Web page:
The U.S. National Seed Herbarium will be unavailable for on-site study from approximately September 1, 2010 until December 31, 2012 during renovation of the Arboretum’s administration building.
Fig. 1. Botanist moving the open-face compactors in which the U.S. National Seed Herbarium is stored.
Fig. 2. Botanist examining seed samples in glass vials.
The U.S. National Seed Herbarium is the world's largest, most comprehensive taxonomic seed collection. Its director provides research material and rapid identifications of isolated seeds and fruits of economically important plants. Since its inception, the U.S. National Seed Herbarium has been closely associated with the USDA worldwide Plant Introduction (PI) program. Viable seed lots of important crop species and their relatives are stored in the U.S. Department of Agriculture (USDA), Agricultural Research Service (ARS), National Plant Germplasm System (NPGS). This program has introduced more than 590,000 accessions, most of them as seeds.
The first recorded PI for which a seed sample was kept was a cultivar of cabbage received from Russia in February 1898 (PI 3). PI samples were kept in a temporary fashion until 1908, when Homer C. Skeels, Office of Taxonomic and Range Investigations, U.S. Bureau of Plant Industry, established the seed herbarium. He continued to curate and expand it until his death in 1934. Subsequently, Paul Russell took over management of the seed herbarium and enlarged it into a major taxonomic collection. Following his retirement in 1960, he continued as curator until his death in 1964. Between 1960 and 1964, Eugene Griffth was responsible for managing the herbarium and adding new accessions. Charles R. Gunn, the first professionally trained seed taxonomist in charge of the herbarium, was director from 1965 until his retirement in 1992. Joseph H. Kirkbride, Jr. was appointed director following Gunn's retirement.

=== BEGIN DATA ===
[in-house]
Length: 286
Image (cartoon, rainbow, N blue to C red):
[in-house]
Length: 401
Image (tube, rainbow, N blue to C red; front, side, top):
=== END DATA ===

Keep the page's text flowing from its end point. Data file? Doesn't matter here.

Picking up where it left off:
Prior to 1965, the primary activities associated with the U.S. National Seed Herbarium were identifications of specimens and accessioning samples. In 1965, the emphasis was expanded to include research and documentation. With this change, the seed herbarium was converted from a museum-type collection into a research collection. The container series for different sizes of seeds and fruits were reduced from 6 to 2, all samples were checked, and the number of herbarium cases increased to 34. Procedures for documenting the seed and fruit samples were established with the advent of a card control system, which was later computerized. Many samples are vouchered by herbarium specimens deposited in the U.S. National Herbarium (of the Smithsonian Institution) and the U.S. National Arboretum Herbarium (of ARS). In 1992, the collection was transferred to an open-faced compactor unit of five carriages with 1,512 pigeonholes, and in 2007 the herbarium and its compactor unit were transferred to the U.S. National Arboretum.
The U.S. National Seed Herbarium contains approximately 125,000 seed-and-fruit samples of approximately 395 families, approximately 3,000 genera, and more than 27,000 species. Many of the 500 service identifications each year are derived from PI accessions. Identifications are also made for inspectors of the Animal and Plant Health Inspection Service, ARS scientists, the National Seed Testing Standardization Laboratory, the Natural Resources Conservation Service, the Smithsonian Institution, U.S. Customs and other law-enforcement agencies, state seed laboratories, and foreign departments of agriculture. The public often ask for identification of poisonous seeds and fruits.
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Last Updated November 2, 2012 1:39 PM
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